I will most likely take next week off. We’re hosting Thanksgiving, so I need to start cracking on the cooking. Hey, quick question. I’ve never made nor tried an oyster dressing, but the idea intrigues me! I’ll still make a regular stuffing, but if you have a recipe for oyster dressing you are willing to share, I’d be grateful for that, too.
The next two weeks are going to go by at a blinding speed, and by September I will be by myself regularly during the day for the first time in eight years. I’m excited to see how I manage my time. I know I will be volunteering for a month or two at the school library. They don’t have the funds for a librarian and the stacks reflect a year of student-lead library hours. Organizing the stacks and creating a system should take me a few weeks.
After that, I hope to spend more time in the kitchen. I have been a passionate and capable cook and baker since I was a child, but have pulled away from that over the last few years because of my issues with food. I took the advice of several people I trusted and stopped cooking and baking what wasn’t necessary. The idea was to be around food as infrequently as possible, and only when absolutely necessary. The advice was given from a place of love, but it was poor advice nonetheless. If anything, I think that attitude only made food something to be feared instead of dealt with rationally.
Onward and upward. I’m no longer dieting, and I’m consulting a team of professionals to help me remove a pebble from an otherwise super-cute pair of shoes. God must agree with my plan. Shortly after putting things in motion, I received an email for Wayfair asking me to write a post about snacks for kids. I jumped in with both feet and put together a post sharing five after school snacks for kids and caretakers alike. These are snacks Mikey and Nico love and eat regularly, and have done so since they were in preschool. The Mister and I love them, too.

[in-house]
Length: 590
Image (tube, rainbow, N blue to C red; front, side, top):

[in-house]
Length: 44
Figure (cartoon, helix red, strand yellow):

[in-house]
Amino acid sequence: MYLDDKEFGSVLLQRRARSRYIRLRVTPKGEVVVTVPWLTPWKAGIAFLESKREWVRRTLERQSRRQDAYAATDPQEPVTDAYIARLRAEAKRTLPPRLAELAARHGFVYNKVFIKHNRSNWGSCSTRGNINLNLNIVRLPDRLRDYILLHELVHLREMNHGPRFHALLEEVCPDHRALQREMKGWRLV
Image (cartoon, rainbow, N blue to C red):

That’s right: snacks kids and adults can enjoy. That means the absence of cheese shaped to look like daisies with celery stalk stems. No puree of sweet potato hidden in grilled cheese sandwiches. No gimmicks, no special equipment, no fuss. Except for the peanut butter. I stand by the peanut butter.
Please do stop by and read the post. (Nervous!) As always, I appreciate your support.
The only name worse than Texas Caviar is every other name I tried to come up with as a replacement for what amounts to a spicy bean salad. (Is this even from Texas?) This is a dip we’ve made for about 15 years, and it’s one of those recipes I got from my sister in-law, who got it from her friend, who got it from her aunt, who one time had it at a church potluck. I bring it to school functions since it’s temperature friendly, doubles easily, and feeds a crowd inexpensively. It’s pretty great for church potlucks, too.
The beauty about this salad is its flexibility. You adjust the ingredients to highlight your favorites, and the salad dressing is a base you then season to your taste.
Mix equal parts black-eyed peas and corn (I’ve tried both canned and raw corn, with raw corn adding a nice crunch), some tomatoes, and finely sliced green onions.
Finely chop some cilantro. Or don’t. It’s up to you. I love cilantro.
Make your dressing and toss. If you want your dressing to marinate and come together a bit longer, make it first and let it sit in the refrigerator for a few hours or overnight. When you’re ready, put together your salad and toss gently. If you are going to serve it right away, add three chopped avocados and toss gently again. If you are like me and plan to make this salad your lunch for a few days, leave the avocados out. You can add a few slices of fresh avocado with each serving or, even better, slice an avocado in half and spoon the Texas Caviar into the hole–like I did here. You’ll get cool avocado with each spicy bite.
You can eat it with chips as a dip, or as a salad. It’s also great for vegetarian tacos. It’s gluten-free, nut-free, dairy-free, and vegan. You don’t have to turn on a hot oven or stove and it even manages to taste good both cold and at room temperature. There aren’t too many people it can offend at the dinner table! Overall, Texas Caviar is a pretty good side-dish/dip/salad/entree/snack. Even if it does have a silly name.
- 1 can black-eyed peas
- 1 can corn or 15 oz raw corn
- 12 cherry tomatoes, quartered
- 1 bunch green onions, whites and some green, sliced thinly
- 1 small bunch cilantro, chopped
- 3 avocados, cut into large chunks
- 2 TB oil (I use olive oil)
- 2 TB red wine vinegar (any acid will work–lime juice would be great)
- 1 TB Tabasco or hot sauce (1 TB is too spicy for me, so I usually cut back or eliminate)
- Salt, pepper, and spices and herbs to taste. (Cumin and chili powder work well; so does fresh basil.)